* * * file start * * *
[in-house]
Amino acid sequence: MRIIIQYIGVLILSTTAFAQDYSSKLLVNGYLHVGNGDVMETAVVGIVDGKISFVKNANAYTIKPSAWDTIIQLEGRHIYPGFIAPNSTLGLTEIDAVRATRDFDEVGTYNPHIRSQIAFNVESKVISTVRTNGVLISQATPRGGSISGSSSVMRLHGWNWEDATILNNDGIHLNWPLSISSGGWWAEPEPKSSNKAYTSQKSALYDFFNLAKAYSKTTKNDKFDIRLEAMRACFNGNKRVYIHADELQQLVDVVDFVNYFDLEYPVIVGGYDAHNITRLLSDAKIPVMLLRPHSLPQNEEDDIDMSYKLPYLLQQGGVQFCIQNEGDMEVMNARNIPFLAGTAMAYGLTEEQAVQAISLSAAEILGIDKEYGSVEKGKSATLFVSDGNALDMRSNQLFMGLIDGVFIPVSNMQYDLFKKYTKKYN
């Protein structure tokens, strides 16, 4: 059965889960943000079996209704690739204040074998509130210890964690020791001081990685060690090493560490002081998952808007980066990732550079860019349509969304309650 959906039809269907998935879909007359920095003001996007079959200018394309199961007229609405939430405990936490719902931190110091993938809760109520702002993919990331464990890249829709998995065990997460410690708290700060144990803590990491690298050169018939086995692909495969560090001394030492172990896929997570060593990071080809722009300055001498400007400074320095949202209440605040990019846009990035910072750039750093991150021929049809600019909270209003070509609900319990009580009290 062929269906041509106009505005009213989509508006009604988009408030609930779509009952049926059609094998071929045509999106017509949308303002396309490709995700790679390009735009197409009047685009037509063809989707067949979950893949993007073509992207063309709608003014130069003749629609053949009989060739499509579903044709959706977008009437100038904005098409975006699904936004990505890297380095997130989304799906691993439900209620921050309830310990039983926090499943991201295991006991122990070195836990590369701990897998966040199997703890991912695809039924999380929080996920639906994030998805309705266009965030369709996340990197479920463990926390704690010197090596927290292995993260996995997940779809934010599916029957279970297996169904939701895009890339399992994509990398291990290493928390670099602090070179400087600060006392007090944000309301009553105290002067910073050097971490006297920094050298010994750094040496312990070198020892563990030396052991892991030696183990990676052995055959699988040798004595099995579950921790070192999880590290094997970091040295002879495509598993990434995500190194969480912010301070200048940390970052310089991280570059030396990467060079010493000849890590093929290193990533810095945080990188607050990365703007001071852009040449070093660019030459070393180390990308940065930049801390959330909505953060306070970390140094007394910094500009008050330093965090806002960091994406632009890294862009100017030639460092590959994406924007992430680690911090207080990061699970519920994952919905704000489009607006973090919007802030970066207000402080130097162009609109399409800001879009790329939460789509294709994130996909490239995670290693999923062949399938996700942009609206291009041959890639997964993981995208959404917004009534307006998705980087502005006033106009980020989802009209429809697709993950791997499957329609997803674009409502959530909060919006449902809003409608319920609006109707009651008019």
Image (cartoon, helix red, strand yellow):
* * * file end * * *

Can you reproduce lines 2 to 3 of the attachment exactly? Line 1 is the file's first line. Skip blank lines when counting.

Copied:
Amino acid sequence: MRIIIQYIGVLILSTTAFAQDYSSKLLVNGYLHVGNGDVMETAVVGIVDGKISFVKNANAYTIKPSAWDTIIQLEGRHIYPGFIAPNSTLGLTEIDAVRATRDFDEVGTYNPHIRSQIAFNVESKVISTVRTNGVLISQATPRGGSISGSSSVMRLHGWNWEDATILNNDGIHLNWPLSISSGGWWAEPEPKSSNKAYTSQKSALYDFFNLAKAYSKTTKNDKFDIRLEAMRACFNGNKRVYIHADELQQLVDVVDFVNYFDLEYPVIVGGYDAHNITRLLSDAKIPVMLLRPHSLPQNEEDDIDMSYKLPYLLQQGGVQFCIQNEGDMEVMNARNIPFLAGTAMAYGLTEEQAVQAISLSAAEILGIDKEYGSVEKGKSATLFVSDGNALDMRSNQLFMGLIDGVFIPVSNMQYDLFKKYTKKYN
């Protein structure tokens, strides 16, 4: 059965889960943000079996209704690739204040074998509130210890964690020791001081990685060690090493560490002081998952808007980066990732550079860019349509969304309650 959906039809269907998935879909007359920095003001996007079959200018394309199961007229609405939430405990936490719902931190110091993938809760109520702002993919990331464990890249829709998995065990997460410690708290700060144990803590990491690298050169018939086995692909495969560090001394030492172990896929997570060593990071080809722009300055001498400007400074320095949202209440605040990019846009990035910072750039750093991150021929049809600019909270209003070509609900319990009580009290 062929269906041509106009505005009213989509508006009604988009408030609930779509009952049926059609094998071929045509999106017509949308303002396309490709995700790679390009735009197409009047685009037509063809989707067949979950893949993007073509992207063309709608003014130069003749629609053949009989060739499509579903044709959706977008009437100038904005098409975006699904936004990505890297380095997130989304799906691993439900209620921050309830310990039983926090499943991201295991006991122990070195836990590369701990897998966040199997703890991912695809039924999380929080996920639906994030998805309705266009965030369709996340990197479920463990926390704690010197090596927290292995993260996995997940779809934010599916029957279970297996169904939701895009890339399992994509990398291990290493928390670099602090070179400087600060006392007090944000309301009553105290002067910073050097971490006297920094050298010994750094040496312990070198020892563990030396052991892991030696183990990676052995055959699988040798004595099995579950921790070192999880590290094997970091040295002879495509598993990434995500190194969480912010301070200048940390970052310089991280570059030396990467060079010493000849890590093929290193990533810095945080990188607050990365703007001071852009040449070093660019030459070393180390990308940065930049801390959330909505953060306070970390140094007394910094500009008050330093965090806002960091994406632009890294862009100017030639460092590959994406924007992430680690911090207080990061699970519920994952919905704000489009607006973090919007802030970066207000402080130097162009609109399409800001879009790329939460789509294709994130996909490239995670290693999923062949399938996700942009609206291009041959890639997964993981995208959404917004009534307006998705980087502005006033106009980020989802009209429809697709993950791997499957329609997803674009409502959530909060919006449902809003409608319920609006109707009651008019």